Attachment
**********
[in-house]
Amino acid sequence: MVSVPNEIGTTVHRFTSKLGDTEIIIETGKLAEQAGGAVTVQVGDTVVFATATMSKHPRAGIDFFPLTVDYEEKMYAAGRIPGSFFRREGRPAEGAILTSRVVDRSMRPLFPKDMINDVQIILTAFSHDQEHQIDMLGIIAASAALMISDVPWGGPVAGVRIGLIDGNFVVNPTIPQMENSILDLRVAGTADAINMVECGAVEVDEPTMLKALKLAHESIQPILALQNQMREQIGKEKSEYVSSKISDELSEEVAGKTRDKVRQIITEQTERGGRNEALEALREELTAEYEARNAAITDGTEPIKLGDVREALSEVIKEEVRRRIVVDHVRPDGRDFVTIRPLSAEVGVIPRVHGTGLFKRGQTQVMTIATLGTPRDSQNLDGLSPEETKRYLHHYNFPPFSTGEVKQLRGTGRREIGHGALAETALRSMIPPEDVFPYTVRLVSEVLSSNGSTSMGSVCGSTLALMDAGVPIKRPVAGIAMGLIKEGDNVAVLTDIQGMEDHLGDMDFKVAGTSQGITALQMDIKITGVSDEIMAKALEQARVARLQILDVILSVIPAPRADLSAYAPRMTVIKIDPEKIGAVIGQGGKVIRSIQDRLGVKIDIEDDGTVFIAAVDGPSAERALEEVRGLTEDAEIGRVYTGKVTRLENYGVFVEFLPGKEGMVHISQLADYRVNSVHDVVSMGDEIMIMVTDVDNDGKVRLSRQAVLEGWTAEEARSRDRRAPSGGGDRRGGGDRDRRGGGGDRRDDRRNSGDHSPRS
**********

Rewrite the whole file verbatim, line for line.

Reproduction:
[in-house]
Amino acid sequence: MVSVPNEIGTTVHRFTSKLGDTEIIIETGKLAEQAGGAVTVQVGDTVVFATATMSKHPRAGIDFFPLTVDYEEKMYAAGRIPGSFFRREGRPAEGAILTSRVVDRSMRPLFPKDMINDVQIILTAFSHDQEHQIDMLGIIAASAALMISDVPWGGPVAGVRIGLIDGNFVVNPTIPQMENSILDLRVAGTADAINMVECGAVEVDEPTMLKALKLAHESIQPILALQNQMREQIGKEKSEYVSSKISDELSEEVAGKTRDKVRQIITEQTERGGRNEALEALREELTAEYEARNAAITDGTEPIKLGDVREALSEVIKEEVRRRIVVDHVRPDGRDFVTIRPLSAEVGVIPRVHGTGLFKRGQTQVMTIATLGTPRDSQNLDGLSPEETKRYLHHYNFPPFSTGEVKQLRGTGRREIGHGALAETALRSMIPPEDVFPYTVRLVSEVLSSNGSTSMGSVCGSTLALMDAGVPIKRPVAGIAMGLIKEGDNVAVLTDIQGMEDHLGDMDFKVAGTSQGITALQMDIKITGVSDEIMAKALEQARVARLQILDVILSVIPAPRADLSAYAPRMTVIKIDPEKIGAVIGQGGKVIRSIQDRLGVKIDIEDDGTVFIAAVDGPSAERALEEVRGLTEDAEIGRVYTGKVTRLENYGVFVEFLPGKEGMVHISQLADYRVNSVHDVVSMGDEIMIMVTDVDNDGKVRLSRQAVLEGWTAEEARSRDRRAPSGGGDRRGGGDRDRRGGGGDRRDDRRNSGDHSPRS